Scientists Call For Creation Of National Science Agency

A group of Peruvian scientists are calling for the government to create an independent state science agency that would increase research and support scientists in the Andean country, state news agency Andina reported.

The board of directors of the World Network of Peruvian Scientists, known as RMCP, called for the creation of the National Agency of Science, Technology and Innovation, or Ancyti, which would be autonomous and above the rank of cabinet minister, as are the People’s Ombudsman Office and the Central Bank. 

Peru currently has a National Science, Technology and Innovation Council, known as Concytec, which is the head of a series of institutions, including the Science and Technology Program (FINCYT), the Nuclear Energy Program (IPEN), Oceanography Institute (IMARPE), and the Geophysial Institute (IGP).  The overall budget, however, is small and a series of political appointments over the years have weakened innovation and their power to influence public policies — a current example is the continuing research and resulting recommendations by Imarpe on fishing quotas and seasonal bans, which are often ignored for the sake of political expediency.

The RMCP wants Concytec to be restructured into the new institution and with more financial support.

“The central objective of Ancyti would be to invest 0.7 percent of the gross domestic product in science and technology in order to substantially increase the number of scientists that the country has,” the RMCP said.

Peru currently invests approximately 0.1% of its GDP in science and technology, well below the Latin American average, which has led the country to be 20, 40 and 70 years behind Colombia, Chile and Brazil, says the RMCP.

The RMCP, in a letter sent to President Ollanta Humala —it also wrote to President Garcia during his administration and to the presidential candidates prior to the general elections last year—  said the government should look at substantially increasing the number of productive scientists in the country to a minimum of 3,000 from the current 200 by 2016, according to Andina.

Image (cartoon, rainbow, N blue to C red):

Meanwhile, in October last year, President Humala appointed a special commission under the Ministry of Education. Led by Gisella Orjeda, head of the genomic studies unit at Cayetano Heredia University, the commission also included Santiago Roca and Fernando Villaran, strategists and policy experts in different fields, as well as the president of Concytec, Victor Carranza, and Benjamin Marticorena, head of research evaluation at the Catolica University.  Also on the commission was Francisco Sagasti, who earlier in the year published a book on policies for Latin America in the areas of science, technology and innovation.

The commission’s recommendations, published in January this year, include the creation of a Ministry of Science, Technology and Innovation or, alternatively,  a Science and Technology Secretariat that would work from within the Premier’s office with the rest of the cabinet. 

As the RMCP also suggests, the commission proposes increasing the national budget for science, technology and innovation to 0.7% of GDP by 2016, which would amount to S/.4.35 billion (about $1.65 bn).

If the private sector invests 30% of that budget, the state will need to increase its contribution to S/.3.05 bn, seven times the budget assigned in 2010, which was S/.450 million (and of which only a little more than half was spent).

The commission proposes the key areas for the “shock investment” by 2016 to be doctoral study scholarships both in Peru and abroad, financial support to attract the return of research scientists, support for basic research in science and engineering, support for applied research in critical areas such as water, environment, natural disasters, nutrition and multicultural issues, greater access to electronic libraries and foreign science publications, an increase in North-South scientific cooperation programs, and support for more science and technology museums.

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